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There are 3 Reference Operators in Excel:
- “:” (colon) is the Range operator, which produces one reference to all the cells between two cells references, including the cells written in the reference text, like: A11:A13
- “,” (comma) is the Union operator, which combines multiple Ranges into one reference, like A11:A13 , A11:C11 , A11 (you can refer to simple cells too, not only to ranges with multiple cells)
- ” ” (space) is the Intersection operator, which returns a reference to the cell or to the range of cells found at the intersection of the ranges. In this example, only cell A11 is found in both ranges: A11:A13 A11:C11
How can the Cell Modes affect your work?
When you try to edit a Conditional Formatting formula, and you click the left or right arrows to move across formula’s text, Excel inserts unwanted cell references. Same thing happens when you try to create or edit a Defined Name formula, or a Chart series…
If you are not aware of the active Cell Mode, then working with formulas, defined names formulas or conditional formatting formulas, editing chart series can become very annoying.
If you’re looking for a Client Relationship Management tool,
you can try the Excel CRM. The lite version has 3 modules active: Contacts, Organizations and Calendar, these are the most popular.
Download Excel CRM: Excel CRM lite.xslm
The full version has a lot more modules, as you will see on the opening page. Each module has it’s corresponding User Form:
Contacts User Form:
This article describes how to create mass letters from Excel, using a Microsoft Word Document as the letter template and a Map between Excel Defined Names and Word Document Bookmarks.
Starting from the example described in this article, there are numerous things that can be done: if we setup the same bookmarks in Multiple Word Documents, and if we use a multi-select dialog box to open and fill all those selected documents, we can create A SET of different documents for each recipient! Of course, all letters can be attached to an email and sent to that recipient email.
Most of the times,
It should be obvious you first need to create an Excel Table containing the name, physical address, email address, and other pertinent information that is to be inserted into the letter/email of all your intended recipients.
To create a letter for all recipients from your table, a Mail Merge will be all you need. But there are many scenarios where you need flexibility:
- you may want to create a letter for only 1 recipient, without going through all Mail Merge steps;
- or you need to select a range of rows and create letters for all selected rows,
- or, you may want to filter the table for different criteria, and create letters just for visible rows,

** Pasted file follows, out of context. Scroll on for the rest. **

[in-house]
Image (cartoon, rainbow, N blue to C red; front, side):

- Create Letter for each row in table.
The following will cover all these scenarios, the letters will be saved as PDF files. Read More
Add New Controls to Excel UserForm
In this article, you will find code for adding new controls to an Excel User Fom, for adding items to comboboxes and to create an array of values from a range of cells.
Excel does not provide a function for linear interpolations. If your data table has a low granularity (you have only units, not sub – units), and you need precise results, you have to create your own linear interpolation formula. You will find in this article an excel formula, and a User Defined Function (UDF) for Linear Interpolation in Excel. Read More
Here is a ScoreBoard View:
This one is dedicated to all Table Tennis fans 🙂 , hope they will find this Excel Table Tennis ScoreBoard useful.
I’ve built this application for our table tennis team, High-Tech, you will find us in the list of teams and players 🙂
The Excel Table Tennis ScoreBoard will work in Excel 2007, 2010 and excel 2013, on 32-bit and 64-bit versions, not tested in Excel 2003. (forget about this version, there are many new excellent features in the newer versions) Read More
Autoexpand Excel Tables on Protected Sheets
An important feature of Excel Defined Tables, the autoexpanding functionality, is lost when the worksheet is protected. On a protected worksheet, when you type anything under the last row, the table will not automatically expand to include the new row, as you might expect. The decision to protect the sheet is not easy when you need both protection and autoexpansion capabilities for an Excel Table.
Most likely, Microsoft engineers are well aware of this limitation, but until they come up with a solution to this problem, you can try my solution. The solution involves a little Visual Basic programming, but fortunately for you, I have taken care of the programming part.
Using the Worksheet_SelectionChange event,
we can detect what cell is selected by a user, and then we can decide if we need to unprotect (or not) the worksheet. Read More
If your workbook contains macros designed to assist you or your users in typing data, or you have UDF’s – User Defined Functions for specific calculations, then if the users do not enable macros after opening the file, your codes are useless…